On Apr 20, 2016, at 10:54 AM, Slawa Olhovchenkov <s...@zxy.spb.ru> wrote:

>> A packaged base is just another way of describing the state of the
>> system.  People on mailing lists will still be able to help people
>> fix their problems, but they'll just use different information to
>> pinpoint the precise components affected.
> How identify this systems? By 800-line lists of package versions?

In my experience, troubleshooting usually proceeds from the description of the 
symptoms.  So, if someone says, "I just updated and Sendmail has stopped 
sending e-mails," or "I just updated and I can no longer SSH into my system," 
then the logical question is to ask what versions of the packages they're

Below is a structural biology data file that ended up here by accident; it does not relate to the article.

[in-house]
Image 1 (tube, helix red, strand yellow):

running that pertain to those binaries.  In other words, you start at the 
symptom and work outwards from there.  In my experience, it's not necessary to 
have an exact inventory of a system to be able to solve a problem with it.

A tool like pkg makes it easy to know which package is associated with a given 
file and also which packages that package depends upon and which are 
dependencies of it.  So, pkg makes it relatively painless to zoom in or out 
from a given symptom (i.e., binary or library that might have changed).  I 
don't believe this is possible in the current FreeBSD setup.  This is a huge 
gain in functionality.



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